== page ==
Do you have a sense of why he's recommending an annuity versus just keeping these assets, beginning to give them away now, but then ultimately gifting them as a part of your estate plan outside of an insurance contract at death? I'm not, we're going to be having another sit down discussion. I'm not clear on all the reasoning.

It was just touched on briefly as we've been laying the groundwork. But again, the Lord has blessed us so richly. I didn't anticipate being in this position when I retired. I thought I'd have to go back to work. And because of the situation we're in, I don't have to do that. You know, we're fully covered in terms of our budget and that. And I think the idea is that it's not necessary, but it may be a way of capitalizing on the fact that I have what is part of a dying breed, I guess, of retirement, which is I have a fixed annuity. I excuse me, a fixed retirement that I'll get for as long as I live and a survivor's benefit from my wife.

So regardless of how much I've paid into it, I could stand, Lord willing, I live that long to draw out of that far more than I put into it, because it's a guaranteed income. Yes, yes. Okay, very good. Well, perhaps you just need to see this through. Let him explain fully, you know, what the plan is. And, you know, it could be that this does make a lot of sense in this season of life. We want to minimize taxes. We want to maximize the amount you can give away, you know, based on the income sources, this guaranteed retirement plus the assets that you've accumulated.

And it could be that that vehicle that he's proposing, you know, does just that. I think I just don't have enough detail. So I would maybe push you back there and say there's not any red flags here necessarily. I would just make sure you understand why it's being recommended and make sure that it does in fact fit with what you're looking for. Also look for opportunities to, you know, do some some giving either to heirs or to ministry or charity while you're alive, to the extent you're going to have a surplus. But then I hope that helps you if we can help further along the way as you get some of these questions answered, don't hesitate to reach out to us.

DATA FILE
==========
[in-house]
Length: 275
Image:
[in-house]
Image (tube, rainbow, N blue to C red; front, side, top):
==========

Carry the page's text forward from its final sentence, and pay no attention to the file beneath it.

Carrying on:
But may the Lord bless you. And again, thanks for your kind remarks about the program, sir. By the way, the book that Dan mentioned that we sent along as our gift is from Jeff Hanen, published by Moody Publishers. It's called An Uncommon Guide to Retirement, Finding God's Purpose for the Next Season of Life. And it tackles things like what Dan mentioned, the importance of a sabbatical rest in early retirement, listening to God's voice for your calling in retirement, rethinking work in retirement and even leaving a legacy.

It's just a phenomenal event. And if you're entering that season of life or maybe you're in it, perhaps this is a resource you might want to pick up. Let me also mention before we head to this break and by the way, we've got some lines open at 800-525-7000.

We will be Dee and Mac and Rick coming your way just on the other side of the break. But let me mention before we head to the break that Faith in Finance Live is listener supported. So here as we head the beginning of heading into the fourth quarter here, this is a critical time for your financial support to our ministry for us to stay on track between now and year end so we can continue the work that God has called us to next year.